I was just doing a search in my Gmail and the last days of our Hangout chats came up. I scrolled through then got to the ? I sent you the morning of December 21st and stopped. I was throwing up in bed and needed help and you hadn’t answered when I called out so I texted you thinking you were probably in the garage working already. When I heard your phone’s chat sound, I knew something was wrong. Your phone was still in our room but you were not. You never would’ve left it there after getting up. Also, there was no coffee on my nightstand which there would’ve been if you’d gotten up. It’s hard to think about that morning. It always will be.
Today I’m attempting the 1-3-5 To Do list I mentioned yesterday. The 1 thing will be the words. ALWAYS. That’s no different now than before December 21st happened. Today’s 3 are phone calls I need to make. I’m not a phone call person as we’ve established but all of these are house repair related so they’re must-do. We’re at the point where we can’t continue with the master suite until we get the tub installed. Ergo, a tub phone call then no doubt a visit to the showroom again. I’ve got a two-day window this week with no rain so this has to be done since I don’t need to be driving in the rain. I could do it but the limited visibility thing makes it a bad idea.
As far as the 5 easy tasks… I’ve got plenty of options there: timed sessions for filing, cleaning out my office closet, listening to videos of publishing related courses, brainstorming further into my work in progress, etc. So, yeah. It’s not like I don’t have things to keep me busy and I’ve been really good about not turning on the TV until early evening. It’s not even TV really since the big set isn’t connected to anything but WiFi and Roku. I’m watching Longmire again from the beginning, enjoying the character development that’s easier to see happen when bingeing. I have no idea what’s happening in politics because you’re not here to keep me informed. I know the Olympics are in progress; our daughter and son in law are watching some on the TV they hooked up downstairs in the cement-floored living room empty of all but a donated loveseat.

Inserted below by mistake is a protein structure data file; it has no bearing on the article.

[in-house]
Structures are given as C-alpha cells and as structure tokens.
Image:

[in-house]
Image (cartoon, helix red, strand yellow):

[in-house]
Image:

I wonder often if the house would be finished now had December 21st not happened. One of the phone calls I need to make is to someone who has offered help. It would be great to have it with the floors. I need to order the planks first but a small crew could do it all in a day. I’ve been researching fireplace surrounds and tile since I totally forgot that has to be done. I also forgot about the dining room shutters. These are small things you and I had never talked about.
Life would be so much easier if the weather would clear up and my related migraines would go away. At least I now recognize the signs and take meds as prescribed. Oh how you hated seeing me sick. Our son in law’s allergies are flattening him, too. And our daughter is suffering, though it’s her asthma riled up by the flip-flopping weather that has trees budding too soon and pollen aggravating us along with the construction dust still in the house. There’s less of that now and it’s easily cleaned but we’re all feeling like crap so it’s hard to make forward progress.
It would be so much easier, too, if you were here. We’re not as rudderless as we were originally but there are so many things we’re having to struggle through. You would’ve struggled through, too, but it always seemed so effortless when you did it. I Google and Reddit and YouTube but don’t always find what I need. Because what I need is you. The house is only part of it, an extension of everything else you knew and did.
I need you here sitting in your chair in my office finding out everything wrong on the Internet while I binge watch British crime dramas on my Kindle. I need to look up and see you. I need to walk by and touch you. I need you to walk by and touch me. Those are the moments I most miss. The nothing moments. The everything moments. The tactile reminder of what we shared, of being here for each other, of loving each other. The silent communication that spoke loudly about what our marriage meant to us both. What it still means to me. What it will mean to me forever as I wear your ring and sleep with your shirts and live in this house, our house, the one we bought together that gave us such joy to come home to.
But not as much joy as I felt every time I came home to you.